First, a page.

There is no question that marrying a service member, while wonderful, comes with some sacrifices. Many military spouses modify, delay, or even give up plans and aspirations as varied as college degrees, specific careers, or living in a certain area (such as near family or close to home). Many of our articles at Military Spouse magazine present stories of spouses who have found ways to follow their dreams within the constraints of a military lifestyle, or provide advice and resources on how to do so. We consider ourselves part of the community of military spouses, and seek to further the cause of military spouses both in the military and in society at large.
A recent (2014) study by the Military Officers Associate of America (MOAA) and Syracuse University’s Institute for Veterans and Families (IVMF) revealed that 90% of responding female spouses felt that they were underemployed based on their education and/or experience. These results are disheartening, but are they complete? The military spouse community shares the constraints of military life, like single parenthood over deployments or constantly changing home locations. But otherwise, the community is diverse: it includes both dedicated businesswomen and dedicated home-makers, spouses who are involved in their service members’ units and those who wish to remain separate from the military, spouses of every different race, religion, political outlook, and personal goals. We at Military Spouse magazine want to know more about these issues, so we spoke to spouses young and old, with children and without, at all stages of their life’s journey in the military to find out their dreams and experiences, and answer the following questions: What do military spouses really want? Can they achieve their goals? What resources do they need?
Times Have Changed
Holly Scherer, who co-authored Military Spouse Journey with fellow Army wife Kathie Hightower, remembers when military spouses were simply expected to volunteer their time, instead of seeking their own employment. And if they wanted a job, they were only considered for babysitting and bake sales. But these days, she notes that there is a great deal more encouragement for military spouses to have a meaningful career that gives them the opportunity to contribute to their highest potential.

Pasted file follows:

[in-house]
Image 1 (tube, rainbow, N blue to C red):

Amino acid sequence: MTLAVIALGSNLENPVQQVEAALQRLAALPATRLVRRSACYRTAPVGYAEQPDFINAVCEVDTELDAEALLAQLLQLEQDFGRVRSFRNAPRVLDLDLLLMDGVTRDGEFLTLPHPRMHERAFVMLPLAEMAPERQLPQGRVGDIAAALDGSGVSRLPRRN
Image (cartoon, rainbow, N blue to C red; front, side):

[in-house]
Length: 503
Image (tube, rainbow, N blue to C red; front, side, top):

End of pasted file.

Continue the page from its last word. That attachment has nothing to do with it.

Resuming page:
The first lady, Michelle Obama has spoken on military spouse employment, Senators like John McCain and Tammy Duckworth talk with military spouses on how to run for political office, and non-profit organizations like MSJDN and Gear Career bring employment education to our community. The prevailing narrative has changed: military spouses are no longer considered ‘dependent,’ but instead are seen as capable, patriotic, and worth employment. Despite the demands of military life, there are more opportunities than ever for spouses to pursue a career and get beyond the state of underemployment. In their book, “Military Spouse Journey,” Scherer and Hightower emphasize a key point: “Remember, this isn’t a dress rehearsal. This is your journey, your life. Don’t wait to start living it!”
‘I Didn’t Know What I Didn’t Know’
Almost all spouses emphasize that they learned about military life as they lived it. When they first married, the military seemed only constraining and restrictive, full of rules and arbitrary changes (like moving to a new base every few years). New spouses can’t take advantage of services simply because they don’t know about them. Chris Pape, an Air Force husband and Founder of MACHOSpouse, said he was so ignorant about this lifestyle that he didn’t know what he didn’t know. “I knew so little about the military that I never thought about the positives, or negatives, of being a military spouse.” Yet as he grew familiar with military life, and was faced with some hurdles in his own career, Chris realized he needed to grab hold of his life.
Involving himself in spouse programs, he discovered that they were largely oriented towards women and unintentionally excluded male spouses. So he created MACHOSpouse, an online community which serves and advocates for male spouses. Since its establishment, MACHOSpouse has grown to provide support and resources for both male and female spouses who seek to build or maintain a career, as Chris believes that military spouses, regardless of sex, just want a chance at their goals–and there are many services in the spouse community to help.